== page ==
In her Complaint, Plaintiff asserts that Defendant is liable for sex discrimination and retaliation, both in violation of “Georgia labor code.” (Doc. 1-1, pp. 13-14.) She does not cite any federal law as grounds for recovery. (Id.) However, Plaintiff's Complaint contains repeated references to her dealings with the EEOC, and specifically notes that she had previously filed charges of “sex discrimination, sexual harassment, and retaliation.” (Doc. 1-1, p. 14.) She further states that the EEOC gave her “the right to sue” and that “all conditions precedent to the bringing of this lawsuit have been satisfied and fulfilled.” (Id. at p. 13.) Applying the lenient standards relevant to pro se pleadings, it is clear that Plaintiff intended to bring her claims pursuant to Title VII. The sexual harassment and retaliation claims asserted in her Complaint mirror those that she filed with the EEOC-a federal agency tasked with investigating potential violations of federal employment laws. See 42 U.S.C. §§ 2000e-(2)-(5). Additionally, her Complaint includes information routinely supplied by parties alleging violations of Title VII. For example, Plaintiff states that the sexual harassment she endured at work “was so severe that it affected a term, condition, or privilege of employment, ” and that after she filed harassment charges with the EEOC, her manager retaliated “by trying to destroy her character” in the workplace. (Doc. 1-1, pp. 10- 11, 13.) Both allegations mirror elements of Title VII claims. See Kidd v. Mando Am. Corp., 731 F.3d 1196, 1211 (11th Cir. 2013) (plaintiff asserting claim for retaliation must show that: (1) she engaged in statutorily protected activity; (2) she suffered materially adverse action; and (3) a causal connection between the protected activity and the adverse action); Mendoza v. Borden, Inc., 195 F.3d 1238, 1245 (11th Cir. 1999) (“To establish a hostile-environment sexual-harassment claim under Title VII, an employee must show . . . the harassment was sufficiently severe or pervasive to alter the terms and conditions of employment . . . .”). Plaintiff also notes that Defendant “continuously had at least 500 or more employees” at all relevant times, (doc. 1-1, p. 13), a fact relevant to the calculation of damages in federal employment discrimination actions. 42 U.S.C. § 1981(b)(3)(D). Further evincing her intent, Plaintiff's “Response to Defendant's Reply” explicitly states that “the case was filed with the court system due to [v]iolations of Title VII.” (Doc. 13, p.1.)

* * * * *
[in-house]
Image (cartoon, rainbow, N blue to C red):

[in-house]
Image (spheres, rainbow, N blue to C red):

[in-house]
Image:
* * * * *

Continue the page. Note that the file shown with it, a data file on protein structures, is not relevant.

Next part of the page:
Finally, although her Complaint references the “Georgia labor code, ” the Court is unaware of any state law in Georgia that would entitle Plaintiff to the relief she seeks. While a plaintiff may sue a state employer for such conduct, Georgia law does not contain a statutory basis for a sexual harassment or retaliation claim against a private employer. O.C.G.A. § 45-19-22 through § 45-19-29; see, e.g., Guilford v. MarketStar Corp., No. 1:08-CV-0336-CC-SSC, 2009 WL 10664954, at *9 (N.D.Ga. Jan. 30, 2009), report and recommendation adopted, No. 1:08-CV-0336-CC-SSC, 2009 WL 10664951 (N.D.Ga. Feb. 19, 2009) (noting that Georgia law does not provide state law remedy for employment discrimination against non-state employers). The Court must assume that Plaintiff did not intend to allege violations of a law that does not permit her to recover. Because it is clear from the face of Plaintiff's Complaint that she intended to assert claims arising under federal law, the Court finds that it has federal question jurisdiction over this action.